“Dirigo” Means Local Leadership
For something new to happen, a few people must always go first. The others
will come afterward observes Ursula Sladek, president of EWS, the Electric
Power Company of Schönau im Schwarzwald. I was reminded of Sladek at a recent
celebration at the Damariscotta River Grill. Ten years ago last month Damariscotta
voted to prevent big box stores from locating here. The decision saved our downtown.
The effort was lead by two tireless young women, Jenny Mayher and Eleanor Kinney.
Schönau, like Danariscotta is a picturesque town of about 2,500 residents. Its narrow streets date back to the 12th century. Beyond the village dairy cattle graze on postcard-perfect mountain pastures. The modern touch is thousands of rooftop solar panels, small, grid-connected, resident-owned power plants that generate more electricity on sunny days than Schönau’s people consume.
How did these panels end up here, one of Germany’s most conservative regions, three long decades ago? Back in 1986 Ursula Sladek was a young schoolteacher nursing a broken leg suffered in a skiing accident, when she heard the news about an explosion at a Soviet nuclear power plant. Nothing to worry about, the authorities claimed, but the next day radioactive particles from Chernobyl began falling on Schönau and residents were warned to stay indoors.
That’s when Sladek and a few neighbors decided against relying on nuclear power any longer. They asked their power company to divest from nuclear. It refused. Sladek’s group realized that they had to take matters into their own hands. They spent the next several years studying power generation and the electric grid, which in Germany, like the U.S., was designed over a century ago around a few large power plants. That centralized system, with power flowing in one direction from plant to user, worked fine, as long as there was a dependable supply of electricity to meet demand at any given moment.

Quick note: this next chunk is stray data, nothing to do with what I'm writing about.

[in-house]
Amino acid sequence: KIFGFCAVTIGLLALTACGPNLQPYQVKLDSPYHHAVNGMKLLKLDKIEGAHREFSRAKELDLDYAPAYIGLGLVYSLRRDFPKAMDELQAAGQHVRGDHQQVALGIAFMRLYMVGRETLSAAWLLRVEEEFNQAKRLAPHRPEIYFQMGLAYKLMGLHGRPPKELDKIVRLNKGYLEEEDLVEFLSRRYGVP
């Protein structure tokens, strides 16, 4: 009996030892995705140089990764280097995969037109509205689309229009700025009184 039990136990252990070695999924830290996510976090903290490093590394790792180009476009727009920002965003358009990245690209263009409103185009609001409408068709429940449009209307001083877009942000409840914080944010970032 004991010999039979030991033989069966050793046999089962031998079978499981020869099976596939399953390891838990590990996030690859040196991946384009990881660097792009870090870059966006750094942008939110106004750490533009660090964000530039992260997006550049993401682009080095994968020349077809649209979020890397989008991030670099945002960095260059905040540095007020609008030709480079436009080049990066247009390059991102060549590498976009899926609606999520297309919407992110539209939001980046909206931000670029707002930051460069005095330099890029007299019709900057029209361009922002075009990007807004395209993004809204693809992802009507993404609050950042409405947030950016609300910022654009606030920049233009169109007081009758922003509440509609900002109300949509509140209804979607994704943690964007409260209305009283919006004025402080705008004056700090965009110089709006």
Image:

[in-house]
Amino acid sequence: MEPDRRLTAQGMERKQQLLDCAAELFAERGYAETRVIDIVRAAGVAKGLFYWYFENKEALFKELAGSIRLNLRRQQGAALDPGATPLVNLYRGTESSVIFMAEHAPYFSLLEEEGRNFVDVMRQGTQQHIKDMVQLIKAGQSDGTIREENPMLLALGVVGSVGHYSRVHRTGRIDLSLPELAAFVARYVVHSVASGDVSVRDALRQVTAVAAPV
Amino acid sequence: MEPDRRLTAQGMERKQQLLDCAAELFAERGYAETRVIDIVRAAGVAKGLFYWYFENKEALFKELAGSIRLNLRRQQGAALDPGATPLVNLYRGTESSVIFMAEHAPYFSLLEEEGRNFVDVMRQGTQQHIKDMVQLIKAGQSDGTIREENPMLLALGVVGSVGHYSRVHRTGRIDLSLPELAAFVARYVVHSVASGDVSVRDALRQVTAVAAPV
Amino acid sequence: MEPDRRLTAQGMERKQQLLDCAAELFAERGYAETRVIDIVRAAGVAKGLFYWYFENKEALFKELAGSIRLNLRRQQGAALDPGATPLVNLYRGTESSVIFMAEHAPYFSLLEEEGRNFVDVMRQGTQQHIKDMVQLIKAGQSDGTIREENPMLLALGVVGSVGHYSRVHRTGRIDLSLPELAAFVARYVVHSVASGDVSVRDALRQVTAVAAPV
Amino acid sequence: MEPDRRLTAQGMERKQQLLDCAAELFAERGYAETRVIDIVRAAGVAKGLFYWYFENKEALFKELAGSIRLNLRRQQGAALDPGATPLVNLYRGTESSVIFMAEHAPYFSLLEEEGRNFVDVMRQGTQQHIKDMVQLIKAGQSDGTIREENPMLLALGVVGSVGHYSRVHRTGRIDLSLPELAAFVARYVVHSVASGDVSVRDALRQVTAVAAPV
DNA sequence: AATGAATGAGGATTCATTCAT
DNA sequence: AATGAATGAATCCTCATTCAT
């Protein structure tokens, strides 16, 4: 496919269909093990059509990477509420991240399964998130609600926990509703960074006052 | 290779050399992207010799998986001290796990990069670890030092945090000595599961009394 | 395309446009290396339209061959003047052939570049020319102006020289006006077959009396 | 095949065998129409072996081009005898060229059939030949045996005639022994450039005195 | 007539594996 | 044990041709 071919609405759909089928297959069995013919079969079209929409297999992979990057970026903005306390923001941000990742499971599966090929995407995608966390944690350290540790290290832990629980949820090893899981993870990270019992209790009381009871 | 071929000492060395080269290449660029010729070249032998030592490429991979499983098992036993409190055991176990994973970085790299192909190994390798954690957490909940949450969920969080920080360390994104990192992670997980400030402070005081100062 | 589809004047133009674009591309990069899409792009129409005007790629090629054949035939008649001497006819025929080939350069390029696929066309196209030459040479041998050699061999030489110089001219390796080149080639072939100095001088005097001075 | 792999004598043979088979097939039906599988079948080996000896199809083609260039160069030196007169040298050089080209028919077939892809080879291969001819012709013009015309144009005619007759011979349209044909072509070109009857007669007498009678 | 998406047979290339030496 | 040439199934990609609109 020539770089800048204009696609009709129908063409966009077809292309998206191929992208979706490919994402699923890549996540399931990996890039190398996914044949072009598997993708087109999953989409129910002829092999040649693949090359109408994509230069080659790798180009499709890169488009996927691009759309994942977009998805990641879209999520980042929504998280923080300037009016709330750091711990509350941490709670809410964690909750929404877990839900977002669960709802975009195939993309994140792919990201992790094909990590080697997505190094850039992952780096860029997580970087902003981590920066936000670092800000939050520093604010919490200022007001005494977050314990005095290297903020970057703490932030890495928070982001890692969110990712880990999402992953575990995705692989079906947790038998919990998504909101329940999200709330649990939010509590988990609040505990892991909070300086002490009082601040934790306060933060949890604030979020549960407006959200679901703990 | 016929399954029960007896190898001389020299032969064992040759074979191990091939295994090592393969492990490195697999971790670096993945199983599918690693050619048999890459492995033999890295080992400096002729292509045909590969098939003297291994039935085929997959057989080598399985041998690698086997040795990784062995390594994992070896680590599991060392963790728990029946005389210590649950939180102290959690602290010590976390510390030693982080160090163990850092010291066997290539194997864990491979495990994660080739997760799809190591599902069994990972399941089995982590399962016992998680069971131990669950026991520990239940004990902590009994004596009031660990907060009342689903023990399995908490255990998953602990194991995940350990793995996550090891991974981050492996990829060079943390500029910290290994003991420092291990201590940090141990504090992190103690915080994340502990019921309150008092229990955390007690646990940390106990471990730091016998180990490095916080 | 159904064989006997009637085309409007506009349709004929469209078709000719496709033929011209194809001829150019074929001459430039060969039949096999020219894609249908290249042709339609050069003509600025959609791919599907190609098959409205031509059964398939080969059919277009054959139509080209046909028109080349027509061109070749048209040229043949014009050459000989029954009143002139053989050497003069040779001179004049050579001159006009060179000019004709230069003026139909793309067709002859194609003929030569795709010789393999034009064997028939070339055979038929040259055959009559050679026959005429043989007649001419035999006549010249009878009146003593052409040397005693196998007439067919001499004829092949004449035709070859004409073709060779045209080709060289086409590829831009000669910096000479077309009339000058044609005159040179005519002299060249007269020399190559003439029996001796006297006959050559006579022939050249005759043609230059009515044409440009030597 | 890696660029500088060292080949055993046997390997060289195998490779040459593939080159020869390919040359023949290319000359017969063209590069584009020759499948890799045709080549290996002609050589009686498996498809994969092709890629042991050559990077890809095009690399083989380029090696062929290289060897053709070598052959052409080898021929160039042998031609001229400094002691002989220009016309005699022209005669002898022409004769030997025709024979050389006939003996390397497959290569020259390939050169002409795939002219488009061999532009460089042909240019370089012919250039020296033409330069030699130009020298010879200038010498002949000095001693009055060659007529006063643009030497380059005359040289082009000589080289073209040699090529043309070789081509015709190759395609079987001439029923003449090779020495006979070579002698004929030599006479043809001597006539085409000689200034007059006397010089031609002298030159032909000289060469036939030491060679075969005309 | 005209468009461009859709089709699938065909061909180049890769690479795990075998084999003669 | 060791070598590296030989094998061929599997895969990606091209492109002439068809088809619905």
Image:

Sladek and friends proposed rooftop solar, a decentralized system, with electricity flowing in two directions, from many small generators into the grid, and from the grid to consumers. The new system had to be flexible enough to handle wildly fluctuating power loads.
Regulations had to be modified to accommodate this decentralized system. Pushing for citizen-produced “BürgerEnergie” meant challenging the business mindset of powerful electric utilities and the need to build powerful alliances. The “power rebels of Schönau” raised $2.4 million to buy the area grid and run it themselves. The owners wanted $5.2 million. A judge set the fair market value at $2.2 million.
It took ten years to establish the town’s local network of solar panels and small hydroelectric dams, which make up EWS’s generating capacity. It supplies more than enough green power for the entire village. But that was only the beginning. Schönau’s pint-sized initiative helped inspire legislators in Berlin to enact EEG, Germany’s National Energy Act of 2000. Today 30% of the country’s energy supply is renewable, and it is on track to 100% by mid-century.
There is a lesson for us in here somewhere